Some critics will undoubtedly say that Stephen Lerner has overemphasized civil disobedience and direct action — “mere tactics” — in his brief on reviving unions. I disagree. Since 1935, American trade unionism has been defined by the National Labor Relations Act and subsequent amendments to it. So rethinking our relationship to the law is a natural starting point for redefining trade unionism in America. Considered from that vantage point, civil disobedience is much more than a tactic. It is the signal expression of a “new” unionism, defined not by a legal framework but by moral principles.

The lunch counter sit-in at Greensboro and Rosa Parks’ refusal to move to the back of the bus dramatized the immorality of segregation precisely by challenging the legal regime that supported it. We need a trade unionism that casts the fight against greed in these same terms. Accomplishing this will take more than civil disobedience — but it is a good beginning. In the 1950s and ’60s, the Civil Rights movement might have been called a whole lot of things — but special interest was not one of them.

So long as we have a bifurcation between labor’s economic and political agendas, however, it will be very difficult to achieve the moral transformation of the labor movement — to construct and project a movement that represents the general interests of working people, that speaks and acts on behalf of an entire class, and not only a particular group of workers.

Historically, unions have pursued their organizing and collective bargaining campaigns quite separately from their broader political goals — so separately that unions bemoan their members’ political independence. While the ideology of “business unionism” explains much of this separation, the structure of the American labor movement has historically reinforced it. Organizing and collective bargaining are the singular domain of international unions and their local affiliates; politics is the mission of the much weaker national AFL-CIO and its affiliated state federations and central labor councils. Thus we have two separate structures: one with enormous resources and a direct line to local unions, the other with much more limited resources and a direct line to local unions only in so far as the internationals will allow.

Of course there is always a tension between representing existing membership and advancing the broader interests of workers, but the current set-up exacerbates this problem: the more resourced international and local unions are driven by the imperative of servicing existing members. A related problem is the lack of room — more accurately, the unwillingness to make room — in the leadership structures of internationals and locals for the “newly organized” — the women, immigrants and people of color who represent labor’s best hope for the future. Fueled by this set-up, the politics of bread and butter unionism are similarly narrow: A desiccated union politics that reduces to the hollow process of candidate endorsement, and that rewards candidates who do right by a particular industry or local firm even while doing wrong on a broader progressive union agenda.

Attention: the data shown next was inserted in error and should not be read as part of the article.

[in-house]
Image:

Paradoxically, broad economic restructuring and parallel changes on the industrial and firm level that have caused so much pain and fear for so many workers may catalyze the necessary transformation of unions and their politics. As relationships between workers and firms become more temporary, and workers are less and less able to rely upon long-term relationships with a single employer to supply training, benefits, and upward mobility, unions have the possibility of becoming the fixed point in the changing universe of work. And union politics have the possibility of transcending particularism.

As Lerner argues, taking wages out of competition by re-establishing a loose monopoly over the labor market compels a “labor market” approach to organizing that targets more than one firm at a time and always as part of a larger industrial and territorial strategy. By necessity, union organizing and collective bargaining in this new context will be less firm-based and more labor market-based. It is likely that the twin realities of a restructured economy and a drastically down-sized labor movement will lead labor unions to adopt a new strategy of labor market unionism. But to succeed, labor unions must combine this new economic project with its political corollary — community unionism. Potential members must be courted in a variety of settings by an organization that demonstrates itself capable of understanding the multiple dimensions of workers’ lives and passions and willing to stand for the general interests of the community against the particular interests of the corporation.

This is a fruitful time for experimentation. From health care to the building trades, real innovation is taking place. In terms of labor market unionism, some unions have taken a close look at changes in their industries and rethought their organizing strategies accordingly. In terms of community unionism, some unions are striving to root their efforts in local neighborhood, ethnic, and religious institutions and to locate worker issues within a broader framework of economic development or quality public education or health care. The next challenge for unions is to embody both ideas in everything that they do — combining a smart industry strategy with a carefully reasoned appeal to the general interest.

Originally published in the Summer 1996 issue of Boston Review